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An Introduction to Irritable Bowel Syndrome Irritable Bowel Syndrome (IBS) is a chronic disorder linked to gastrointestinal distress. IBS has many symptoms like abdominal cramping and pain, bloating, gassiness, and bouts of diarrhea and constipation. We don’t know what the cause of IBS is, but there are some theories. Some people think it may be an unhealthy growth of bacteria in the small intestine. Some people think that it may be a combination of abnormal gastrointestinal tract movements, increased awareness of bodily functions, and a miscommunication between the brain and the gastrointestinal tract. IBS comes in two different forms. If you have diarrhea frequently, you likely have IBS-D. Sudden urges to have a bowel movement, abdominal pain, intestinal gas, loose and frequent stools, nausea, and feeling unable to empty bowels are all symptoms of IBS-D. IBS-C is irritable bowel syndrome with constipation. Most common symptoms of this include: hard, lumpy stools, straining during bowel movements, and infrequent stools. Symptoms can even interfere with daily activities because they become so severe. Doctors diagnose IBS through elimination (doing tests to rule out other probable causes). You may use antispasmodic medicines, antidiarrheal medicines, antidepressants, or laxatives to treat the symptoms of IBS. The symptoms of IBS come and go with regularity because it is a chronic disease.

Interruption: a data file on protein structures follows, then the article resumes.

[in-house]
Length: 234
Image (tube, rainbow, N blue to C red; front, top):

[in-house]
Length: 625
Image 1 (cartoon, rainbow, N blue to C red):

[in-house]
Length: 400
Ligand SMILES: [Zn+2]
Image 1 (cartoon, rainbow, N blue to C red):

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There are some home remedies that you can try as well. Notice when your symptoms worsen and what foods you have recently eaten. Cruciferous vegetables like cauliflower, wasabi, kale, and broccoli or legumes like black beans, edamame, soy nuts, and fava beans have been noticed to increase symptoms in some people. Try eliminating foods from your diet for a while if you notice that some make your symptoms worse. Some people have noticed lowered symptoms by adding fiber to their diet, drinking plenty of water, avoiding soda, eating smaller meals, and eating more low fat and high carbohydrate foods.
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IBS is not contagious, inherited, or cancerous. Women tend to have IBS more often than men and usually before the age of 35. It has not been proven, but IBS may be caused by dietary allergies or food sensitivities. Periods of high stress or menstruation can worsen the symptoms but they are unlikely to be the cause of IBS. You may have some risk factors if you suffer from IBS. Abnormal movements of the colon and small intestines, hypersensitivity to pain caused by gas or full bowels, a viral or bacterial infection of the stomach and intestines, small intestinal bacterial growth, and reproductive hormones off-balance are all things that have happened in people with IBS.